Resolution Media’s George Manas Comments on Amazon’s Ad Business
This article was originally published by Digiday.
Amazon’s advertising business may have been absent from the company’s annual shareholder letter last week, but ad revenue continues to grow quietly behind the scenes, with particular growth in sponsored products and headline search ads, according to recent reports and ad buyers. It’s a sign of the sheer girth of Amazon that Bezos didn’t rate the $3 billion ad business a bullet point in his letter.
Amazon has also been beefing up its offerings. The company is making more products available and easier to use, buyers said. And conveniently, the fastest-growing ad format, headline search ads, appeal to buyers since many of them are already experts in the search business, given their work with Google.
Increased interest from brands has resulted in Amazon ads becoming pricier, with Merkle’s digital marketing report saying cost per click for sponsored product ads is up 65 percent year over year and up 128 percent year over year for headline search ads. Buyers agreed to those estimates.
“I don’t know if Amazon is going to be building that themselves, or encouraging agencies and brands and third-party tools to develop,” said Will Margaritis, vp of e-commerce at 360i.
Amazon’s ad business grew to about $1.7 billion in the fourth quarter of 2017, up from $1.12 billion in the previous quarter, according to the reported “other” revenue. The entire business could bring in more than $3 billion this year, according to eMarketer. Spending on sponsored products and headline search ads increased 96 percent and 90 percent, respectively, year over year.
In the shareholder letter, Amazon CEO Jeff Bezos went as far as to tout the success of the Treasure Truck, its fleet of vehicles offering daily deals. While he did not mention the ad business, Amazon is top of mind in the ad industry. A big shift is how brands perceive the tech giant’s value. Amazon advertising works when it is done in conjunction with a larger Amazon strategy, including retail, review policing and even supply logistics.
Advertisers’ perspective is “shifting to see Amazon as more of a wholesale customer and realize it’s also an ad platform. What they’re putting onto Amazon works with what they’re spending on Facebook and Google, and even TV, and it’s even closer to conversion. You’re seeing the lightbulb go off,” Margaritis said.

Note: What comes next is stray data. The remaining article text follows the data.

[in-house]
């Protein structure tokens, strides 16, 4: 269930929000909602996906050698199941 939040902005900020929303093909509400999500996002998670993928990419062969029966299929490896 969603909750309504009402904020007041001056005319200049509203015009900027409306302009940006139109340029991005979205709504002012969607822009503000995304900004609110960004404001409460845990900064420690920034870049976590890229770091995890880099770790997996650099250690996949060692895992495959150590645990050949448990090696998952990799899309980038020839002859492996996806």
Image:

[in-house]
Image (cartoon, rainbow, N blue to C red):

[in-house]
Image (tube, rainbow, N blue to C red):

Agencies are gung-ho. Martin Sorrell, former CEO of WPP, told CNBC in January the firm was spending $300 million on Amazon ads this year, up from $200 million in 2017.
George Manas, president of Omnicom-owned Resolution Media, said Merkle’s numbers were not surprising and perhaps “a little bit conservative. There could be more spend.”
While the shareholder letter didn’t reveal any new statistics on Amazon’s ad business, other numbers Bezos shared do provide some insight into its growth. More than half of products sold on Amazon globally came from third-party sellers, and Amazon Prime now has 100 million subscribers. The former means more potential advertisers, while the latter implies more valuable customer insights, said Monica Peart, forecasting analyst at eMarketer.
And given the state of brand safety across Facebook and Google and the government regulation on data privacy, Amazon is looking even more appealing to advertisers.
“With a company like Facebook, ads could be even interruptive to your experience, where Amazon almost seems like they’re not advertising. To the consumer, it’s, ‘Oh, I searched for this, and you’re trying to be helpful by showing me other options,’” Peart said.
Facebook, Google and Amazon each own massive data sets. But Amazon is unique in its commerce focus. Google knows intent, Facebook owns social, and Amazon wants purchases. Yet Amazon also has a much bigger business than just e-commerce.
“People use the phrase ‘walled garden’ to describe Facebook and Google. Amazon is a walled jungle. They have such a breadth of services. They have Prime Video, groceries, payments, Web Services. They operate a multidimensional business that in a lot of ways has become the personal microeconomy for people,” said Manas.
Amazon also has more potential inventory, such as through Prime Video or Fire TV, Manas added. Peart said she’s keeping an eye on Amazon Echo and the future of audio ads.
And Amazon, which has been hiring people in New York City to focus on advertising, also understands this is a relationship business. “They’ve realized the value of relationships instead of just data,” Margaritis said. “They understand that this industry operates via people.”